‘Fundamentals’ Strategy Is Failing

by Mona Charen

A somewhat desperate and bull’s eye column from Kimberly Strassel today about why Romney is fading. The confident, make-this-election-about-big-things mood that prevailed briefly after the Ryan pick is gone. In its place is the stolid, risk-averse strategy that characterized Romney before. Strassel writes:

Credit for this fog goes to that inner circle of Romney advisers who never liked the Ryan pick and have reasserted their will over a candidate who is naturally cautious. In the la-la land where adviser Stuart Stevens presides, Mr. Romney wins by never saying a single thing, ever, that might rock a single boat, ever. Just keep the focus on Mr. Obama. After all, no president has ever won with an economy like this.

One problem: Mr. Obama is winning. The August unemployment numbers are horrid; the president increases his national lead. Labor-force participation hits a 31-year low; Mr. Obama moves up in swing states. Prices spike; the president takes Michigan out of contention. No doubt Part 39 of the Romney attack on Mr. Obama’s welfare policies will propel the Republican to a blazing lead. Though, failing that, Mr. Romney might consider that the pure referendum strategy is a bust.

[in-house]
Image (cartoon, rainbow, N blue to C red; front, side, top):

For those who believed that voters simply needed to learn more about what an extraordinarily caring man Romney is (and he is) in order to overcome their reluctance to support him, the Tampa convention should be sobering. No bounce. 

The Obama team, by contrast, did connect with voters in Charlotte. It wasn’t the dull, same old speech by Obama. It was all Clinton. And Clinton succeeded because he made arguments. They were mostly lies. But making arguments is key to success. (Reminds me of the old Adlai Stevenson line: “If my opponents will stop telling lies about me, I’ll stop telling the truth about them.”)

Romney must trust the voters enough to make arguments. He needs to explain what caused the financial collapse, and what is holding the economy back now. Obamacare is already highly unpopular. Just fill in the blanks about the way it inhibits hiring. At thousands of pages, with so many added taxes, and with so much discretion left in the hands of bureaucrats (“the secretary shall”), businesses and individuals have no idea what the ultimate costs will be. Repealing and replacing Obamacare with something simple and market-oriented would be the first big jobs act of a Romney presidency.

Then talk about tax reform, etc. Read the whole Strassel column.